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[SOLVED] Square wave generation with 555 timer IC

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moonnightingale

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Hi

I am having a 600 Hz signal,
I want to generate Square wave by using 555 Timer IC and duty cycle to be 70 %
How to go abt it

Thanks
 

moonnightingale

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moonnightingale

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I am sorry,
In my Previous post, i dint understood your problem properly. To convert signal to square wave, you should design schmitt trigger. You may use either Opamp or 555 timer.

Non-Inverting Schmitt Trigger Calculator
The Schmitt Trigger - Electronic Theory

Thanks Vinoth for ur reply,
Actually i have to convert sinusoidal signal of 600 Hz to Square wave having duty cycle of 70% by using 555 Timer IC.

Can u send me link of website which can explain this to me. U can also see the attached Pic to understand my requirement, it is just a block diagram

thanks a lot
 

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  • 555 IC Requirement.bmp
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barry

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If your input is a fixed 600 Hz, then you can run your sinusoid into a comparator/schmitt trigger (to get a squarewave) and then configure your 555 as a monostable with a pulsewidth of 833uS. You'll have to differentiate your squarewave to get the narrow pulses required to trigger the 555.
 

moonnightingale

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thanks berry,
so u want to say that

1. First i convert sine wave to Square Wave through Comparator/Schmitt Trigger

2. Then 555 Timer IC should be used to get the desired duty cycle of that square wave

How did u calculate pulse width of 833 usec.
Kindly explain me as i have to give input of 16 sine wave through switch,

Is there any method by which 555 timer alone can convert Sine wave to Square wave with desired duty cycle
 

barry

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There's no way (to my knowledge) that a 555 can convert a sine to square. What is the amplitude of your sine wave?

The 833 uSec is wrong; it should be 1.1667mS. (1/600Hz * 70%). I gave the answer for 50% DC.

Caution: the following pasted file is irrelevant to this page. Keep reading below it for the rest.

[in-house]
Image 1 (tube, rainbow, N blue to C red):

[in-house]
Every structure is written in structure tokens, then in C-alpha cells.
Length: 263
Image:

If you are trying to do this for different input frequencies, it won't work, as it will give you a 1.1667 mS pulse regardless of the input frequency.
**********************
But wait a minute! I take back almost everything I said. I just realized: The 555 has 2 comparators built in. There must be some way you can use those comparators to look at the sinewave input and toggle the internal flip-flop appropriately. I don't have time to look at that now, but I think that's your answer. Look at the data sheet and application notes for the 555; this is not the 'normal' way of using the part, but I think it should work.

Let us know what you find.
 

jpanhalt

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This sounds like a homework assignment, and I suspect the question is designed to let you use the trigger pin for the monostable configuration. Note, the NE555 triggers on a negative pulse to less than 1/3 VCC.

Source:NE555 Datasheet: https://www.nxp.com/documents/data_sheet/NE_SA_SE555_C_2.pdf

Due to the nature of the trigger circuitry, the timer will trigger on the negative going edge of the input pulse. For the device to time out properly, it is necessary that the trigger voltage level be returned to some voltage greater than one third of the supply before the time out period. This can be achieved by making either the trigger pulse sufficiently short or by AC coupling into the trigger. By AC coupling the trigger, see Figure 6, a short negative going pulse is achieved when the trigger signal goes to ground. AC coupling is most frequently used in conjunction with a switch or a signal that goes to ground which initiates the timing cycle. Should the trigger be held low, without AC coupling, for a longer duration than the timing cycle the output will remain in a high state for the duration of the low trigger signal, without regard to the threshold comparator state.

I believe a 70% duty cycle (i.e. a single pulse of 70% of the sine wave period) was chosen to allow the input to return to >1/3 Vcc before the end of the pulse. (My math is a bit rusty.)

John
 

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